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Red Sox steal Carson Smith from the Mariners, lose Wade Miley in process

Jerry Dipoto has his AJ Preller moment.

Stephen Brashear/Getty Images

Jon Heyman of CBS Sports has reported that the Seattle Mariners have acquired Wade Miley and minor league reliever Jonathan Aro from the Red Sox in exchange for Roenis Elias and Carson Smith. On the surface, this is a rather pedestrian trade. It isn't the will they-won't they of the Aroldis Chapman saga or the potential world-shattering earthquake of a Jose Fernandez trade. This is the Mariners filling the void left by the departure of Hisashi Iwakuma, the Red Sox shoring up their bullpen, and both teams acquiring depth pieces.

When you look under the hood, though, things start getting fishy. Very fishy.

Wade Miley is a perfectly serviceable starter. He peaked in his rookie year in Arizona when he threw 194.2 innings of 3.33 ERA ball. Ever since then he's been a steady if uninspiring mid-rotation innings eater. Not everybody can be Chris Sale, so this is fine. There's value in pitchers like him. Bullpens quickly turn to ash without innings-eaters. The spacious confines of Safeco Field should help Miley stay in the ballpark, and he's left-handed, which is always a plus. In a vacuum, this is a good pitcher for the Mariners to add.

Cason Smith just completed his rookie season in the Seattle bullpen. Here is the list of every qualified reliever that posted a higher fWAR than Smith:

  • Cody Allen (2.6)
  • Aroldis Chapman (2.5)
  • Dellin Betances (2.4)
That's it. He also tied Zach Britton in fWAR at 2.1, so there's that. Here is a brief sampling of the relievers that Smith outperformed:
  • Andrew Miller (2.0)
  • David Robertson (1.8)
  • Jeurys Familia (1.6)
  • Craig Kimbrel (1.5)
Carson Smith is good. Carson Smith is extremely good. He also won't be a free agent until 2020. He struck out 32.4 percent of the batters that he faced, and a whopping 64.3 percent of the balls he allowed in play were on the ground. He faced 284 batters and walked just 22 of them. He's 26 years old and may not be finished in growing as a stupendously talented relief pitcher.

Not only have the Mariners given away one of the most desirable relievers in all of baseball, but they've further gutted their bullpen. Tom Wilhelmsen, Danny Farquhar, and C.J. Reifenhauser have already been shown the door in trades. While Dipoto has acquired Joaquin Benoit to pitch at the back of the bullpen and Tony Zych showed great promise (11.78 K/9, 2.04 FIP) in his brief cameo at the end of the season, this is a devastating blow and makes the relief corps even more threadbare. There's quite a bit of offseason left to address this, but Smith was a highly valuable long-term asset.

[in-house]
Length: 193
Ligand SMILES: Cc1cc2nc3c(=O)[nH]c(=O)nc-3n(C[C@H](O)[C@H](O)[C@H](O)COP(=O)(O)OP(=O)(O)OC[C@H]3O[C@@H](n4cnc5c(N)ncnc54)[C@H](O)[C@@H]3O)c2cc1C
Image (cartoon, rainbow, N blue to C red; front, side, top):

Dipoto knows a thing or two about the Red Sox from his brief stint in the Boston front office this summer. He may know that Aro, who has good numbers from his time in the minors, could be a true impact reliever in the majors. That's all well and good. But when you look up "unremarkable starter" in the dictionary, you find a picture of Wade Miley. When you look up "excellent young power reliever," you find Ken Giles and Smith.


This is to say nothing of the fact that the Mariners still need at least one more starter. Taijuan Walker and James Paxton both come with injury concerns, and Felix Hernandez finally showed signs of looking disturbingly human in 2015. If Nate Karns is pushed to the bullpen or minor leagues by another starting pitcher, it would be far from the worst thing in the world for Mariner fans' sanity.

We've seen great teams like the Tigers and Dodgers struggle because of poor bullpens. The Mariners are getting dangerously close to reaching that status, but there's quite a bit of offseason left. Dipoto is trading at a mile a minute; when all is said and done, the Mariners may very well have themselves a strong group of relievers. Roster analysis at this point in the winter is not an exact science.

That doesn't change the fact that the Mariners just got fleeced, and fleeced badly. There are relievers, and there are super-relievers. Smith has had just a season and change in the big leagues. Relief pitching is as volatile as a third-world dictatorship. One second it's oppressive and dominant, and the next second everything goes down in flames. There's no guarantee that Smith will continue to be a super-reliever for Boston. Yet between his minor league performance and utter supremacy in Seattle, he's got a very good shot to do just that.

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Nicolas Stellini is a featured writer at Beyond the Box Score. He also covers the Yankees at BP Bronx. You can follow him on Twitter at @StelliniTweets.